Air Bag Injuries 

According to, airbags are designed to deploy in moderate or severe crashes in frontal or near frontal collisions. These are defined as hitting a fixed barrier at 8-14mph or more and/or striking a parked car of equal size to the barrier at 16 to 28mph. Airbags are intended to deploy to provide a cushion and prevent major injuries that would result from the driver or passenger hitting the dashboard at full force or being struck by a part of the car that intrudes enters the cabin as a result of the force from an accident.

According to The National Institute for Highway Safety, “NHTSA estimates that as of 2013, 39,886 lives have been saved by frontal airbags.  In frontal crashes, frontal airbags reduce driver fatalities by 29 percent and fatalities of front-seat passengers age 13 and older by 30 percent. The fatality reduction in frontal crashes is larger for belted drivers (52 percent) compared to unbelted drivers (21 percent). NHTSA estimates that the combination of an airbag plus a lap and shoulder belt reduces the risk of death by 51 percent, compared with a 45 percent reduction for belts alone in frontal crashes.” Although airbags save lives and reduce risks of major injuries, they are not entirely safe.

As seen in the recent air bag recalls, airbags can also cause injuries. In some brands, deployed airbags had loose metal fragments that pierced through the airbag and injured drivers. This massive recall exposed the industry and no matter how advanced air bag technology is, there is still risk for injury; whether due to a company’s negligence in producing poor airbags or the nature of the crash and the impact with the airbag.

To understand potential injuries, it is important to understand that airbags work based of off sensors that detect trigger upon a sensed impact at a certain speed. This is important because one of the more common reasons airbag injuries occur is because the sensor malfunctions and the airbag does not deploy. This can lead to major head, neck, and upper body injuries that may include lacerations, fractures, broken bones, or brain trauma. The severity of the injury depends on the speed and nature of the accident.

There are some minor injuries that airbags can cause too. These include abrasions or burns, and the chemicals released when it deploys can induce asthma attacks. Airbags have also been known to cause eye injuries, sometimes-severe if the bag hits someone in the eye.

Unfortunately, airbags bags cannot always prevent death or result in minor injury.  If someone is leaning very close or against the steering wheel or dashboard at the moment that the airbag deploys the force of the deployment could cause serious injury and even death. The recommended distance drivers stay away from the steering wheel by the National Highway Traffic Safety Administration is at least 10 inches. Below is a more comprehensive list of possible airbag injuries. The type and severity depends on several factors including speed, closeness to the airbag, and nature of the collision:

  • Abrasion to the face, chest or upper extremities
  • Contusion of the face, chest, upper extremities, knees or internal organs
  • Strain, fracture or blunt trauma to the cervical spine
  • Burns on the chest, upper extremities or hands
  • Fracture or break in the face, upper extremities or wrists
  • Fracture in the skull or rib cage
  • Loss of consciousness or concussion injuries
  • Bruising or swelling of the brain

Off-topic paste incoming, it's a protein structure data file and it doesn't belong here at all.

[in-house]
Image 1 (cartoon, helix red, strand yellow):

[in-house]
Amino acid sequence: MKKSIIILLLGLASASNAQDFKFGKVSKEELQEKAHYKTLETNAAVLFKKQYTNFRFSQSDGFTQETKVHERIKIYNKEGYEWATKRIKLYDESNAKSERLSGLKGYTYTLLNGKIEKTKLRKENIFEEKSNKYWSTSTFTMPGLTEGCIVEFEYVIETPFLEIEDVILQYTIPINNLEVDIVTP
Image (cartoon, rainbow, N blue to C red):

• Laceration to the veins, arteries, heart, lungs or brain stem
  • Laceration to the liver or spleen
  • Compression of the brain or traumatic brain injury (TBI)
  • Rupture inside the heart muscle
  • Eye injury such as rupture to the globe, retinal tear, corneal abrasion or conjunctivitis
  • Hearing loss or ear trauma
  • Trauma to the fetus of a pregnant women or puncture in the placenta
  • Internal bleeding
  • Wrist trauma and sprained fingers
  • Irritation in the throat, asthma attack or coughing
  • Irritation of the skin, also called airbag dermatitis

Airbags are a great safety addition to automobiles and can reduce the possibility of severe injuries and death. However, they can also malfunction, causing injury. Although the human body is amazing, it was not designed to withstand the impact of an automobile collision at any speed, so it is important to keep a safe distance from the steering column and ensure the airbag is not under a recall and has a working sensor. This ensures at the minimum the airbag is in the best condition to protect and not injure.

André Bélanger, a graduate of Loyola University, is a highly-respected criminal defense attorney serving the people of Baton Rouge, Louisiana, and surrounding areas of Ascension Parish and New Orleans, for one of Baton Rouge’s top-25 law firms. In his 18 years of practicing law, Mr. Bélanger has handled thousands of criminal cases at both the pre-trial and trial stage, including approximately 200 trials. This trial experience includes homicide defense and prosecution, large drug conspiracies and fraud cases making Bélanger one of the few attorneys capable of handling even the largest, most complex federal cases. Having spent years devoted to developing a top-tier regional law practice for federal court and state court litigation, Mr. Bélanger is admitted to practicing law in all federal courts in both Louisiana, Mississippi, the United States Supreme Court and the U. S. Fifth Circuit Court of Appeals. A strong commitment to the justice system, Mr. Bélanger has begun to forge his trial skills in the criminal courtroom in an effort to establish his own personal injury trial practice. This is a major boon for his clients, as few personal injury “trial attorneys” have appreciable jury trial experience.